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Allen organ in St. Peter - Rome has been removed

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  • Allen organ in St. Peter - Rome has been removed

    An official statement from St.Peter organist informs that the Allen organ will be removed from st.Peter and only the large pipe organs will be used.

    These are the words of the press release:

    "During the papal celebrations, the great pipe organ of the Basilica will be used again in front of the Altar of the Chair.
    As everyone knows, the electronic instrument was wanted by the ex-director of the choir, Don Massimo Palombella, and my repeated attempts to get it removed were of no avail.
    I reiterate my subsequent "obedience" to a decision that I never approved.
    Recently, after the "resignation" of Palombella, I renewed my opinion, shared by the whole organ world, to remove the electronic Allen so that the pipe organ present in the Basilica can find the right honor it deserves, namely the function of the pipe organ in the liturgy to "add splendor to the ceremonies of the Church and powerfully elevate souls to God".
    Thanks to the Office of Liturgical Celebrations of the Supremo Pontefice and in particular to Monsignor Maestro Guido Marini who has shown himself to be particularly sensitive to the issue and promptly disposed in this regard."

    Juan Paradell Solé
    Organista titolare della Cappella Musicale Pontificia Sistina


    http://blog.messainlatino.it/2019/10...o-rimosso.html

  • #2
    Wow. Just wow.

    Comment


    • #3
      He certainly speaks his mind! Reminds me of the Trinity Wall Street affair -- new DOM, new organ, rinse, repeat.

      John
      ----------
      *** Please post your questions about technical service or repair matters ON THE FORUM. Do not send your questions to me or another member by private message. Information shared is for the benefit of the entire organ community, but other folks will not be helped by information we exchange in private messages!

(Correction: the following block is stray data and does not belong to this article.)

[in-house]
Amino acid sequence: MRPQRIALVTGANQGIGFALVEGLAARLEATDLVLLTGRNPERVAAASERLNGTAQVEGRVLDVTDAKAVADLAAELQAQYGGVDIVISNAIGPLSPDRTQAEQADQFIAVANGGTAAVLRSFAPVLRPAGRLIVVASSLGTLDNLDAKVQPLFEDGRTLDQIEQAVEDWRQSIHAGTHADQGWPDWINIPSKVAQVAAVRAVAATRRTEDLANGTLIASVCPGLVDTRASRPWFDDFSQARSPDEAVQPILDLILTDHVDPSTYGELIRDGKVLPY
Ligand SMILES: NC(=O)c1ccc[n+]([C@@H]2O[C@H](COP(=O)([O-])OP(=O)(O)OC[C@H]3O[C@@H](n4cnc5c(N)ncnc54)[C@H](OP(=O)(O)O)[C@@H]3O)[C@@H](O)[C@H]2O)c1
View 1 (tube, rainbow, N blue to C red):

https://www.facebook.com/pages/Birds...97551893588434

      Comment


      • #4
        I have expressed regret several times over the decision to provide the Basilica of San Pietro with an electronic organ, and as I wrote a few months ago, I knew it would soon be removed.
        To avoid misunderstandings, I will immediately say that the problem does not concern the Allen brand. For me it would have been equally outrageous if they had installed a Viscount, or a Johannus.
        The choice of the organist Paradell Solè reflects the thought of most (probably almost all) European organists.
        We cannot exclude the pipe organ (which is also perfectly functional) which is full of symbolisms, rhetorical figures, metaphors, and replacing it with a microchip.
        Even musically, the electronic instrument has proved to be totally inadequate for use in San Pietro, as has been demonstrated in this year of use by the informal comments of the titular organist.

        For me, the electronic organ is a useful tool for practicing at home, and that's it. In the Church only (good) pipe organs.
        Last edited by ahlborn; 10-05-2019, 11:08 PM.

        Comment


        • beel m
          beel m commented
          Editing a comment
          Glad you said "**GOOD** pipe organs" (emphasis mine.) In the mid-sixties Allen made up an advertising brochure for their Advanced Custom organs (individually designed) where they said: "The decision to buy a pipe organ guarantees nothing. in a visit to the nearest ten pipe organs one would find perhaps ONE which musicians would declare a truly fine instrument..." True then, true now, except that many of those marginal pipe organs have been dumped or replaced by digital organs. I know that in my city and its suburbs, the "10%" figure still rings close to true.

        • ahlborn
          ahlborn commented
          Editing a comment
          Yes, I deliberately specified "good" pipe organ, because clearly there are also low-quality pipe organs, unfortunately. But the situation in St. Peter's is completely different. The organs are of great artistic and historical value, and are perfectly restored.

      • #5
        Originally posted by beel m View Post
        Wow. Just wow.
        Have I missed something here? It sounds like good news to me that a pipe organ is being brought back into full time use, or was it better to have the Allen for some reason??

        Comment


        • #6
          Surely none of us would be unhappy to know that a fine pipe organ has been restored to full usage. The pipe organ sound is the standard to which all electronic organs aspire. The pipe organ is the true King of Instruments, which the digital seeks to emulate as best it can. Nobody on this forum that I know of dislikes pipe organs in the least or has any problem with seeing them restored and used whenever and wherever possible.

          The only thing that is a little disturbing to me about this story is the contempt being heaped upon the Allen. Perhaps it was a mistake all along to try to use an electronic organ in this place, but when it was installed, there were all kinds of reasons given why this was going to be helpful. Some of the people involved were quite excited about the new instrument and the positive changes it would bring for the larger services. There were opponents too from the start, but good reports about the results in the services for which it was used.